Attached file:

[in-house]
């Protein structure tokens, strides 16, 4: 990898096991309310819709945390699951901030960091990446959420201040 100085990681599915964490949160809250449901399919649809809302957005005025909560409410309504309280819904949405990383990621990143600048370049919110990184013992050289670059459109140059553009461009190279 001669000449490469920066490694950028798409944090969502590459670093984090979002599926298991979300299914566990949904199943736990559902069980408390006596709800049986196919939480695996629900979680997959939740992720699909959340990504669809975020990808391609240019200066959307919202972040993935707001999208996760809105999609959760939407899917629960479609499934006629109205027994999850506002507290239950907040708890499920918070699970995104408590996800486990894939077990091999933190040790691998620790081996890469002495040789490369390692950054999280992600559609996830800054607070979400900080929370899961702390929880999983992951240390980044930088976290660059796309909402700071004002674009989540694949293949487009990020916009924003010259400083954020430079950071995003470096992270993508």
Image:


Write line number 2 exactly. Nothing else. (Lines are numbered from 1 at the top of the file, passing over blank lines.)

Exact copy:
């Protein structure tokens, strides 16, 4: 990898096991309310819709945390699951901030960091990446959420201040 100085990681599915964490949160809250449901399919649809809302957005005025909560409410309504309280819904949405990383990621990143600048370049919110990184013992050289670059459109140059553009461009190279 001669000449490469920066490694950028798409944090969502590459670093984090979002599926298991979300299914566990949904199943736990559902069980408390006596709800049986196919939480695996629900979680997959939740992720699909959340990504669809975020990808391609240019200066959307919202972040993935707001999208996760809105999609959760939407899917629960479609499934006629109205027994999850506002507290239950907040708890499920918070699970995104408590996800486990894939077990091999933190040790691998620790081996890469002495040789490369390692950054999280992600559609996830800054607070979400900080929370899961702390929880999983992951240390980044930088976290660059796309909402700071004002674009989540694949293949487009990020916009924003010259400083954020430079950071995003470096992270993508």